Here are the last few books I read last month.
The Longer Bodies by Gladys Mitchell
Another strange Mrs Bradley mystery, this time involving track and field events! Great Aunt Puddequet wants her grand nephews to become English champions in events such as discus, shit put, high jump, and long jump. whichever of them does this first will inherit most of her fortune. She has the appropriate areas built on her grounds and the grandnephews arrive, along with their sisters, who have been promised £100 apiece. A local renter, who is unliked and known to drink to much and abuse his wife, is killed and dumped into the lake. What happened and whodunit? Mrs Bradley does not actually appear until just after halfway through the book.
The Overstory by Richard Powers
This book is definitely in my top three favourites for this year, so far. I read it in chunks, becoming lost for a couple of hours at a time, unaware of what was going on around me. When I looked up, blinking and stiff, I had to get my bearings. This is a book about trees and people’s relationships with them and each other. It’s divided into sections--roots, trunk, leaves, seeds. The first section introduces readers to the cast of characters--it is like a series of short stories, each one about a different person. Almost all of them have some important experience with trees in their childhood. For a few, it’s not until they’re young adults that trees become central in their lives. And for a couple, trees do not take centre stage until their old age. As the book progresses, the people we’ve met earlier come in and out of the story. Some of them get involved with one another. It’s a varied bunch that includes a scientist, an artist, a former Vietnam vet who was piloting a helicopter that got shot down, only to be saved when he fell into a tree, a druggie college student whose life is changed one night, and others. The time frame of the book is roughly mid 20th century to the present day, although in a couple of cases, descriptions of family history go back further. The author inserts his characters into actual events, such as the Stanford Prison Experiment, the Vietnam War, logging protests in Oregon and California, and more. I guess someone once described this author as ‘the best author you’ve never heard of.’ I had not heard of him until I was listening to an Open Book (BBC Radio 4) podcast on the theme of nature writing, where he was one of the guests. I’m really glad I listened when I did. This book will stay with me for a long time.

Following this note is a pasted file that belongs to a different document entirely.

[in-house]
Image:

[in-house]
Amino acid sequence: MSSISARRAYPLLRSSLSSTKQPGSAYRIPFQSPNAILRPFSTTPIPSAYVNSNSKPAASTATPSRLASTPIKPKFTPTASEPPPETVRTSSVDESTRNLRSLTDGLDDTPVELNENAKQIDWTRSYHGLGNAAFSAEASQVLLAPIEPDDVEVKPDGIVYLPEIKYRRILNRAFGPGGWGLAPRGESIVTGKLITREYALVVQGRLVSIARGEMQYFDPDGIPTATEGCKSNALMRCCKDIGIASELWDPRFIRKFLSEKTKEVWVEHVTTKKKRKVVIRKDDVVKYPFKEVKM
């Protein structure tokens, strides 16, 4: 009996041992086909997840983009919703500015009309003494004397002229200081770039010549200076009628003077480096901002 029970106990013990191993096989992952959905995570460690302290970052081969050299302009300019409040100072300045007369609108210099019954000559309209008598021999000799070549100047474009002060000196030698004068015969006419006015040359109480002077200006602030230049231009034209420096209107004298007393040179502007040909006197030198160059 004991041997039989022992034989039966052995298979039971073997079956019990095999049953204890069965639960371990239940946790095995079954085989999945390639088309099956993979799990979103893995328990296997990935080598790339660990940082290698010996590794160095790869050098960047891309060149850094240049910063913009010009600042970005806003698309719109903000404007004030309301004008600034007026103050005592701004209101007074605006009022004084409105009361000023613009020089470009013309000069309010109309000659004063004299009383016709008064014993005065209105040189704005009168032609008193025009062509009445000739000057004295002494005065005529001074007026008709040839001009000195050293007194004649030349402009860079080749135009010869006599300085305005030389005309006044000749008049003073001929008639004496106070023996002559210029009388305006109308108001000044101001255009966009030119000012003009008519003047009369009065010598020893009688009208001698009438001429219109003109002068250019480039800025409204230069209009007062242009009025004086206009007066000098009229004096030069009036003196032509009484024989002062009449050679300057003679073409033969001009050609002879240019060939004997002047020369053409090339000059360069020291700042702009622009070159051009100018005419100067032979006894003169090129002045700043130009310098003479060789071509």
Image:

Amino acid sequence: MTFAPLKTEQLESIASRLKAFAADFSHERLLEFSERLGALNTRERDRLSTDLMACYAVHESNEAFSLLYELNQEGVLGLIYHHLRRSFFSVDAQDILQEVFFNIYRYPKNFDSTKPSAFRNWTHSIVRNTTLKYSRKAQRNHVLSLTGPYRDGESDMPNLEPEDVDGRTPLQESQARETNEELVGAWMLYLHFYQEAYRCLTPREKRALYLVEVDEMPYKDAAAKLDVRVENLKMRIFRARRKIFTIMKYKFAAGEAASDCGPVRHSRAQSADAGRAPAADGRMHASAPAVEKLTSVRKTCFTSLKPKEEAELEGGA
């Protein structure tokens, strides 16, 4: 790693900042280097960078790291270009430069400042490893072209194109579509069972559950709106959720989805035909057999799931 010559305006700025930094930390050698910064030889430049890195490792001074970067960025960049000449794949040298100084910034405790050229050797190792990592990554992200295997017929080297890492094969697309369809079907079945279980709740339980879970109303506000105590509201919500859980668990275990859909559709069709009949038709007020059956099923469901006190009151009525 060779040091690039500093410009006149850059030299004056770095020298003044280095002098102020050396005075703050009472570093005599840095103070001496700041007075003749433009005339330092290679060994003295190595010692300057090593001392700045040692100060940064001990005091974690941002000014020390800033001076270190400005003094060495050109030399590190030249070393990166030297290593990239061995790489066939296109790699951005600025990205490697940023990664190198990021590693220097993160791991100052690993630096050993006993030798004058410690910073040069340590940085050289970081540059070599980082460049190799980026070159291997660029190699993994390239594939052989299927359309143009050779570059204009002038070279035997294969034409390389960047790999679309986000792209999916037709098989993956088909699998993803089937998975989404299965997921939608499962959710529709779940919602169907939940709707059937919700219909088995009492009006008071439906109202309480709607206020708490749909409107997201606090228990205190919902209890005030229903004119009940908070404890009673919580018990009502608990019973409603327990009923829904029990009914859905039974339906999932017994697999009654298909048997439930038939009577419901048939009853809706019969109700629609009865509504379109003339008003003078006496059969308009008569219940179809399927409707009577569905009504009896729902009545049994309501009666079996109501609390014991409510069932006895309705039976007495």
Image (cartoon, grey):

The Ghost Map: The Story of London's Most Terrifying Epidemic – and How it Changed Science, Cities and the Modern World by Steven Johnson
This book chronicles the 1854 Broad Street cholera outbreak in London and its aftermath. he describes the conditions at the time, how the disease thrives, and how two people of very different backgrounds came together to figure out what had happened. Dr Snow worked out, against the popular theory of the day and inspite of much professional ridicule, that cholera was transmitted through water, not a miasma. A curate named Whitehead knew the neighbourhood well and made regular visits to people who lived there. people talked to him. he knew their activities and, working together with Dr Snow, they were able to determine where the cholera was coming from. I found this book quite interesting and highly readable.
The Saltmarsh Murders by Gladys Mitchell
This is another Mrs Bradley mystery. After reading the ending of this one, I am getting some idea about why these books might be as popular as some of the other books from the same era. I quite enjoy them, but they are different and the detective herself is definitely unique! I find them interesting because they are different. In this one, the vicar’s wife is not well liked and tends to be overly moralistic. One of the servants ends up pregnant, so she throws her out. The servant has the baby, but the baby disappears and she is murdered. Fortunately, Mrs. Bradley is there to solve that mystery and the others that crop up in the village of Saltmarsh.
New month, new book pile! Hope your book pile contains some gems!